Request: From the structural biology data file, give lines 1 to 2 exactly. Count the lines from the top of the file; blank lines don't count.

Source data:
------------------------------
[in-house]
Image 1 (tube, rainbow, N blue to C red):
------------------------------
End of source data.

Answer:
[in-house]
Image 1 (tube, rainbow, N blue to C red):